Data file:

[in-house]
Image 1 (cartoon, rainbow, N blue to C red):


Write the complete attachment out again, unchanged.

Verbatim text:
[in-house]
Image 1 (cartoon, rainbow, N blue to C red):